Browning’s remarkable monologue My Last Duchess also critiques society’s restrictions by analyzing the repercussions of a female person’s subversion of social pretenses and hierarchy. The Wife’s Home Act in 1882 permitted women to keep their possessions after divorce, subsequently exposing the façade of marriage as ladies abandoned their marital tasks. The reduced value of ladies is developed through the individual pronoun “my last duchess painted on the wall”, where the artwork signifies the Duke’s objectification of his late other half, weakening her existence to mere aesthetics. Through the parenthetical aside, “(given that none puts by/The drape I have drawn for you, however I)”, Browning exemplifies the Duke’s excessive hubris towards his envoy when presenting his deceased better half as an object to verify his social status. The Duke’s displeasure of his wife’s metaphorical “area of pleasure … too soon made happy, Too easily amazed” epitomizes his patriarchal condemnation of her fundamental geniality, which breaches the class boundaries Victorian females were expected to embody. In addition, Browning marks the Duchess’ undermining of the Duke’s social position through the significance in “She liked whate’er she searched, and her appearances went everywhere”, with the unfavorable connotations foreshadowing her downfall. The truncated sentences, “This grew; I provided commands” shows the Duke’s autocratic behavior, and mentions the alarming repercussions of the Duchess’ failure to fulfill her role within the social hierarchy. Browning concludes the monologue with a mythical allusion, “Notification Neptune, however,/ Taming a sea-horse”, where the Roman god’s dominance over a delicate animal foreshadows the Duke’s authority over his next better half. Therefore, Browning condemns the suppression of females in a class-conscious society through the consequences of the Duchess’ unorthodox behavior, and motivates greater female autonomy.

Nevertheless, unlike the submission of the Duchess in Browning’s remarkable monologue, Ibsen denounces the pretense of marital relationship within social hierarchy which suppresses autonomy and advocates for a lady’s subversion of her domestic duties to reinforce her identity. While Nora’s costuming as a “little Capri fishergirl” represents youth and sensuality, traditional for 19th century ladies, the stage instructions of “dancing more and more extremely” signifies her desire for liberation from her marriage facade. Nora’s phase directions as she secretively “puts the macaroons in her pocket and wipes her mouth” shows her forbidden intake of sweets which symbolizes her long for independence within a limiting marital relationship. In addition, Nora understands the pretense of her marriage, epitomized in the symbolic “Changing. No more fancy dress”, where the clothes concept reveals the subversion of social expectations resulting in her empowerment, unlike the Duchess who fails to liberate herself from social confinements. Nora’s surprise that “I’m your dolly-wife, just as I utilized to be Daddy’s dolly child” exemplifies her recognition of social hierarchy that objectifies the female specific and restricts her autonomy. Nora eventually abandons her maternal and marital responsibilities through her use of personal pronouns, “I believe that very first I’m a person, much like you” which marks her self-determination to reinforce her female identity. The final slamming of the door represents Nora’s emancipation from domestic duties in her confining marriage. For that reason, Ibsen challenges the societal restrictions imposed on females through Nora’s individualistic pursuit of her perfects.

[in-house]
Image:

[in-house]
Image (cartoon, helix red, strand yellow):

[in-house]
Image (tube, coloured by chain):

Both Browning and Ibsen expose the repercussions of their characters’ individualistic attempts to subvert social expectations. While Browning shocks his audience with the unforeseeable consequences of his female people in their intentions to transgress female propriety and ascribed domestic functions, Ibsen exposes the empowerment that females get after deserting social mores.